Yesterday dawned cool, overcast and windy. In late morning the group assembled one by one to lay the lumber wrap on the community garden site. Lumber wrap is like a four foot wide 1000 ft long piece of tarp. It acts very much like a sail in the wind. Get a small woman on each end and a stiff breeze in the middle and you have a sport, but I'm not sure if it's parasailing or skydiving. Just let go!
Okay, so laying it was a bit of adrenaline-pumping adventure. The wind was so strong it threatened to make you and the lumber wrap airborne. Rocks were gathered, along with tent pegs and blocks of wood, anything that would hold down a corner or edge of wrap.
Once we got it pegged and weighted down we stood and waited for the gravel to be delivered. And waited. And waited. Finally we went to sit down and that did the trick, here he came in his big red truck, rumbling down the road. Annabelle had to jump up on the running board and bat her eyelashes at the driver. He was kinda cute. But he could have stayed and helped shovel! Cute is as cute does.
He backed into the site and began to dump his load. Some people looked a bit dubious about this entire process. (Don't worry fellas. We won't force you to shovel gravel. The girls will do it.) He pulled forward and dumped some more, and more. He moved and dumped more. I mean, these were four foot high piles of gravel everywhere!
He moved and just about took out the neighbour's satellite dish. Another two inches and it would have been a good (but somewhat expensive) pizza dish.
Then we started raking, pushing, and shoveling gravel, although I did very little of any of that, because of my rib. Zak shoveled like crazy, and another guy (Steve) came along and shoveled more gravel than one would have thought humanly possible in 45 minutes, and never even broke a sweat. We discovered one of the truck's wheels had run over the valve cover for the water shut-off. Oh dear. Have to get that fixed.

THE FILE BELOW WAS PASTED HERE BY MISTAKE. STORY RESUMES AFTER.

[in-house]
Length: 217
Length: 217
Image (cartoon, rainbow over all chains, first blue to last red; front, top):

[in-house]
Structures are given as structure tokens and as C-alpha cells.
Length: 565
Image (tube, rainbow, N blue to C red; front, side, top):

After an hour or so of hard labour the job was about 2/3rds done, but the shoveling crew was completely done. We walked away from it and will finish it when energy and motivation return. September sounds about right. [Update: They all showed up to rake and shovel like crazy about 10:30 am, and it's done! Amazing!]
So far we have seven people who want space in the community garden. That's wonderful! Some have already built their 4 x 4 raised bed frame. I have three stacked in the back, waiting to be moved and filled with soil.
On other fronts Zak brought back a big section of dead wisteria vine from his walk this morning. It looks like an old, frayed piece of coarse rope. He sort of draped and wrapped it around the Mayday tree in the back, where it looks a bit junky, but the birds love it. Maybe I'll try to find a less junky way of displaying it.
I have about 25 plants which desperately need transplanting, if only I could get time and energy together at once. It's really quite cool out still, only 8 C (46 F) with a cool breeze. This isn't nice weather to work outside, but we have rain forecast for the next three days, so it isn't going to get much better.